The Growth Rate of a Bloodgood Japanese Maple
The Bloodgood Japanese maple grows into a rounded shape with a globose canopy and multiple trunks leading to the renowned foliage of the tree. It grows best in U.S. Department of Agriculture plant hardiness zones 5B through 8.
The University of Florida Cooperative Extension Service reports that the growth rate of a Bloodgood Japanese maple tree is considered to be slow, typically achieving an overall height of 12 to 20 feet and a spread of 15 to 20 feet. The leaves often remain red for most of a summer.
The growth rate of a Bloodgood Japanese maple is often affected by its environment. "Due to poor growth in poorly drained soil, it is often planted on raised beds or on high ground in clay soil," according to University of Florida extension. Diseases and damage from pests may also slow the growth of the tree.
Like all Japanese maples, the annual growth rate is relatively slow, often less than 1 foot per year, or approximately 10 to 15 feet in the first 15 years of life. The majority of the growth occurs early in the lifespan of the tree, according to Clemson University Cooperative Extension.
Caring For A Japanese Bloodgood Maple
Prized for its showy foliage and growth habit, 'Bloodgood' Japanese maple (Acer palmatum 'Bloodgood' and Acer palmatum variation atropurpureum 'Bloodgood') is a common sight in U.S. Department of Agriculture plant hardiness zones 5 through 8, where the tree is hardy. Despite its delicate appearance, it is a resilient tree that typically suffers few problems. It encourages healthy root production, maintains the appearance of the foliage and protects the tree from heat-related stress. Large quantities of water can lead to problems, however. Apply the fertilizer to moist soil at a rate of 1 to 2 pounds in the area from the tips of the branches to within 1 foot of the trunk. Carefully read and follow the product label for details concerning application techniques, frequency and amounts. A 3-inch-deep layer of organic mulch spread on the surface of the soil under the tree's canopy will help conserve soil moisture and decrease the need for watering during summer, but the mulch must be stripped and replaced every year. Apply fertilizer to your 'Bloodgood' Japanese maple's soil after stripping and before replacing your mulch. Keep the mulch a few inches away from the trunk of the tree. ' Root rot and Verticillium wilt are two diseases that can strike if the tree is grown in wet, cold soil.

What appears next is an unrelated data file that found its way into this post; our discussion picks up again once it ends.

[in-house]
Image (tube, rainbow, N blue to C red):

- University of Florida Cooperative Extension Service: Acer Palmatum Bloodgood
- Clemson University Cooperative Extension: Maples
- California Polytechnic State University, Urban Forest Ecosystems Institute: "Bloodgood" Japanese Maple
- Monrovia: "Bloodgood" Japanese Maple, Acer Palmatum Var. Atropurpureum "Bloodgood"
- University of California Cooperative Extension, Tulare and Kings Counties: Japanese Maple Trees
- University of Illinois Extension: Red Japanese Maples
- This Old House: May Is for Mulching